Risk Emotions and Risk Judgments: Passive Bodily Experience and Active Moral Reasoning in Judgmental Constellations
Coeckelbergh, Mark (2007) Risk Emotions and Risk Judgments: Passive Bodily Experience and Active Moral Reasoning in Judgmental Constellations. In: Conference ‘Moral Emotions about Risky Technologies’, 3-4 May 2007, Delft, the Netherlands.
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|Abstract:||Experts typically accuse lay people of ‘emotional’ responses to technological risk as opposed to their own ‘rational’ judgment. This attitude is in tune with risk perception research that qualifies lay people’s responses in terms of bias (e.g. Slovic et. al. 2004), and with the Kantian view of emotions as irrational forces that should be separated from judgment. If we wish to reject such views and link emotions to judgment in a stronger way, one route is to embrace cognitivism and argue that emotions are judgments (Solomon 1980, 2003), and/or that they are assessable as rational or irrational (de Sousa 1987). However, this solution does not account for the ‘raw’, bodily and passive aspect of much emotional experience. William James’s early view of emotions as the experience of bodily changes (James 1884) and Jesse Prinz’s version of this view (Prinz 2004) may deliver that, but at the cost of downplaying the role of practical rationality.
In this paper I attempt to steer a different course. I argue that we should neither conflate emotions with judgment nor separate them entirely, but rather provide an account of the exact relation between the two which does justice to the specificity of both, one aspect of which I characterise in terms of activity and passivity.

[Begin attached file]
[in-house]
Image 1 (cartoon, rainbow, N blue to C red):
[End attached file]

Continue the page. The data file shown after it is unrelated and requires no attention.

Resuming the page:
To further reflect on the relation between emotions and judgment, I seek inspiration from Angela Smith’s recent argument that there is a normative connection between spontaneous attitudinal reactions and our underlying evaluative judgments and commitments (Smith 2005). Applying this ‘rational relations’ view to the relation between emotions and judgments, I argue that emotions – however passive, bodily, overwhelming etc. – are rationally connected to judgments and the values on which we based them, or are at least always open to such a connection. Rather than conceptualising this connection in terms of ‘expression’ or ‘reflection’, emotions and judgments are, or can be, as active and passive elements both part of a ‘constellation of moral judgment’, a concept which I coin to avoid both identity and separation, and to allow a two-way process.
If this view is plausible, we must take seriously people’s so-called ‘gut reactions’ to technological risk as being potentially rationally related to, but not identical to, judgment. This recognises the possibility of actively changing our attitude to risk if we judge that there are good reasons to do so, but appreciates that if sometimes technological risk strikes us with fear and horror, that experience teaches us much about what we judge to be important.
|Item Type:||Conference or Workshop Item|
|Link to this item:||http://purl.utwente.nl/publications/76246|
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